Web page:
Fast Rendering of Dynamic Procedural Content on a GPU
Proposer: Patrick Marais
Brief Description: Procedural content can be used to reduce the storage requirements of game assets such as trees, debris, terrain, buildings and so on. Currently, most procedural game assets are generated prior to game start-up, and a limited number of instances are utilised in-game. One can think of this as ‘static’ procedural content. We are interested in the extent to which procedural elements can be generated on the fly, and the computational and rendering trade-offs this involves. To investigate these issues, we propose selecting a particular procedural type - such as terrain – and implementing and evaluating a real-time procedural rendering system for this type. A full performance assessment and analysis will provide useful information with regards to the extent to which this approach to game world generation is feasible. Modern GPUs provide a rich features-set which can help to realise these goal, and the rendering engine will need make full use of new generation functionality.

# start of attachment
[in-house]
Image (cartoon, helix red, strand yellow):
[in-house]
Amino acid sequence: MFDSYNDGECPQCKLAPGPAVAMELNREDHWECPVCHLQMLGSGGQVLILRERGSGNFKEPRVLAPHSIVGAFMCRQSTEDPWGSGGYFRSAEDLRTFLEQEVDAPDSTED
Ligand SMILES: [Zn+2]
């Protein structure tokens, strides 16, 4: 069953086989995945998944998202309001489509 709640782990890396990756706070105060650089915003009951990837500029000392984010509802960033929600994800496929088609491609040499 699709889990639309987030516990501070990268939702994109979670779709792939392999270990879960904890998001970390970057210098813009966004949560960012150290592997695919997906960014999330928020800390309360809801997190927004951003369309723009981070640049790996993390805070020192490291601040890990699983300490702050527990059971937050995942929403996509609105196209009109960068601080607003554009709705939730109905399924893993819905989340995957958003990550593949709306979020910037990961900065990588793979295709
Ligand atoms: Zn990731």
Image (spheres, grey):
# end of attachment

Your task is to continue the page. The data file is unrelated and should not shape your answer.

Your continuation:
Computer Science Content: Computer Graphics - procedural generation, GPU programming, algorithms
Specific Learning Outcomes: GPU algorithm design; design of efficient rendering data structures and algorithms
Skills Required by Team as a Whole:
Theory: Computer graphics; data structures and algorithms; render-engine design; performance analysis
Implementation: hard - willingness to learn GPU coding and the techniques used to facilitate efficient display of large scenes in real-time.
Facilities needed: a DX10/11 capable card and a high-end PC
Supervision: James Gain may serve as co-supervisor if he is available. Students will be required to attend regular supervisory meetings and to meet agreed milestones.
Number of Students: 3